A man threatened to shoot worshippers at a Jehovah's Witness Kingdom Hall during a call to police from a public payphone just days before Christmas.

Callum Fisher called Hampshire Police asking for help with his mental health on December 19, 2023.

Southampton Magistrates Court heard the 36-year-old was on the phone with the operator when he was offered an ambulance.

He refused this before beginning to make threats, saying he would go to a church and kill people, referencing a Jehovah’s Witness Kingdom Hall.

Fisher told the operator he was on his way there, the court heard.

Callum Fisher, leaving Southampton Magistrates CourtCallum Fisher, leaving Southampton Magistrates Court (Image: NQ, Jose Ramos)

The police responded to the incident and arrested Fisher at Bitterne Precinct near a public telephone, believed to be the one where he called from, the court heard.

When he was interviewed by police, Fisher of Merridale Road, admitted to making the call but said he didn’t have any intention of causing harm to anyone.

Prosecuting, Rachel Standish said: “He told police he was feeling low and suicidal at the time and called 101 to tell them about his thoughts. He said he knew if he made threats, police would attend.”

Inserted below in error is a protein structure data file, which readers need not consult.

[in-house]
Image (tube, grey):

She added: “He said he didn’t have any intentions of causing anyone harm and only mentioned the church [as] he was on his way there at the time.”

Defending, Barry Keel said Fisher was not specifically targeting the church, adding that since he has attended a different church and is taking part in a course in Christianity.

He added that Fisher and his mother had previously moved to Southampton from Norfolk but now he has settled at his address and is now receiving 24/7 care.

Magistrates gave Fisher a 12-month community order, where he will have to complete a minimum of 10 activity days agreed with the probation service.

He was banned from contacting the emergency services without a reasonable excuse for two years as part of a criminal behaviour order.

Sentencing, chairman of the bench, Ian Lewis said: “This is a serious offence and a 12-month community order isn’t an easy sentence.”

He added: “This is very important for you to take in. You can’t call 999, 111 or 101 unless it’s a genuine emergency for your health, or crime has taken place or you can see a fire.”